I do know that the video "Alejandro" seems to have been filtered through a dark lens from which most of the color and all of the fun has been drained. It's S*E*R*I*O*U*S*N*E*S*S in all caps delivered S*E*R*I*O*U*S*L*Y also in all caps, which of course causes pretension. That is a big problem, especially for someone like Lady GaGa, who seems to have made it her shtick to play with ideas of celebrity and image.
If she's taking herself that seriously, songs like "Bad Romance" and "Paparazzi" and especially "Telephone" don't work. "Alejandro" doesn't work. It's the type of video that the creator of "Telephone" would have deflated. It kind of reminded me of, uh-oh, Miley Cyrus's most recent video; the one where she's a bird (I wrote about it here, and already I can't remember the name of the song).
Even the director seems to have realized something was wrong when he recently tried to explain it.
"The religious symbolism is not meant to denote anything negative, but represents the character's battle between the dark forces of this world and the spiritual salvation of the Soul," Klein wrote. "Thus at the end of the film, she chooses to be a nun, and the reason her mouth and eyes disappear is because she is withdrawing her senses from the world of evil and going inward towards prayer and contemplation."Artists should never, ever explain their work. Life isn't high school and the video for "Alejandro" isn't a long division math question. Put it out there and let it stand on its own. Ms. GaGa and the director, Steven Klein, obviously went to a lot of trouble to make it; none of the images happened by accident.
Klein added that the scene in which Gaga ingests the rosary beads is meant to represent "the desire to take in the holy."
So trust yourself and your vision, and don't trespass all over it; once it's out, your vision of its meaning is no more important or relevant than anyone else's. If they see "blasphemy," (really Katy Perry?) let them.
Here it is:
(By the way -- why do I have to sit through a 15 second commercial to watch what is essentially a nine-minute commercial?)
And here are, off the top of my head, five other videos that I think effortlessly achieve what Ms. GaGa was going for:
Praise You - Fatboy Slim
This is my all-time favorite music video. The choreography is outstanding, pure fun and yet delivered with apparent seriousness and dedication. The grainy video quality and the guerrilla style in which the performers are working gives it an unsteady, edgy, almost dangerous feel. In a way, it's kind of unsettling, which only adds to the fun. Seriously, who is that "dance troupe"? I suppose one could check the wikipedia entry about the video, but the mystery is part of the fun.
Whole Lotta Shakin' Goin' On - Little Richard
Little Richard didn't do much -- just almost single-handedly created the genre "rock and roll." He was one of the most dynamic performers of all time, and anything with him is fascinating to watch, even today, when the crazy seems to have taken over. Watch this clip from the closing of a television show called "Shindig" and see how easy he made it look. Intense, fun, exciting, and history-making. You hardly even notice the credits running over part of the performance. And he wore a nice suit, not a conical bra with guns on it (how many comic books have I seen use that same image?).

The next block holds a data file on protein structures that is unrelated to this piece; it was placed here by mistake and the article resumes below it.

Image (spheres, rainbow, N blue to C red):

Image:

Rehab - La Pequeña Amy Winehouse
Not an "official" music video, but better than "Alejandro." A little person dancing around in her bedroom, or someone's bedroom, occasionally singing along to the song playing in the background. Who is that person? Who is holding the camera? Why "Rehab"? What unsettling thing are these people trying to do and what happens when the camera isn't rolling?
"La Pequeña" appeared as other performers, including Hillary Clinton and Britney Spears, but Amy Winehouse was my favorite because, well, I could kind of imagine Ms. Winehouse ingesting something that would cause her body to shrink down to that.
Twilight Zone - Golden Earring
A brilliant song with a brilliant video that achieves a sort of hallucinogenic Kafkaesque tragic quality, raising questions about itself, and the nature of reality. Who are the men with the valise full of cards? Why is the guy singing on stage at the end? What happened to him? Even now I wonder about these things -- I can barely remember anything about the video for "Alejandro."
White Wedding - Billy Idol
(Click here to go to YouTube to watch it -- some boner disabled the embed for this one.)
Casually "blasphemous," but even more than that, iconoclastic. The song itself is like a challenge, delivered with snarl ("Hey little sister, what have you done?"). The image of the wedding band cutting the bride's finger, drawing blood, is more pregnant with meaning than anything in "Alejandro." The nails into the coffin, the dancing in the kitchen with the appliances failing -- this is a serious commentary on domesticity and the expectations, or burdens, that society places on women. The idea of a wedding being an opportunity for the woman to "start again" is something we all take for granted. This song, and the video, throw that back in our faces.
Aside: to heck with whoever disabled the embed.
Billy Idol White Wedding pic source.